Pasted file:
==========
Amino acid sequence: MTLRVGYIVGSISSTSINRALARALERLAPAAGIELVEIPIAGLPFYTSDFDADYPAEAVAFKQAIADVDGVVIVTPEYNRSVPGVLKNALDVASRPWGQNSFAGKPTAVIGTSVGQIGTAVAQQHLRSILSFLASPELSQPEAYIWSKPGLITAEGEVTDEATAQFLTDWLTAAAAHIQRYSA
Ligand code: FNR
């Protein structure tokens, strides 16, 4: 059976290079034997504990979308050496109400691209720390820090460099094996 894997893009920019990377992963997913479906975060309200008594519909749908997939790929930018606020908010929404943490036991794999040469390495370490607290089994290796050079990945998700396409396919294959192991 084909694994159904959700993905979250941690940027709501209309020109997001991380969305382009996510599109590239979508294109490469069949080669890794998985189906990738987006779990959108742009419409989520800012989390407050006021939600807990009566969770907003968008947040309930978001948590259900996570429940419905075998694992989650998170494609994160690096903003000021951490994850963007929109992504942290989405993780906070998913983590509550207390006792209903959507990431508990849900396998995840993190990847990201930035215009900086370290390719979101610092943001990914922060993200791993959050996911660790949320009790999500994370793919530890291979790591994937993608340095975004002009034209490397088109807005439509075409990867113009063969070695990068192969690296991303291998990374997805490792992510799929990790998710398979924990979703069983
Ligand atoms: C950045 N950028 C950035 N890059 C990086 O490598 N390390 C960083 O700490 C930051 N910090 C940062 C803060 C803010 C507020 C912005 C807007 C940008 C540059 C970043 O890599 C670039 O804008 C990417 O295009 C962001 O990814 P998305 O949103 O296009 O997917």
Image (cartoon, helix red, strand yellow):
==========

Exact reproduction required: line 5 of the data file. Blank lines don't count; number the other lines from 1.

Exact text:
Image (cartoon, helix red, strand yellow):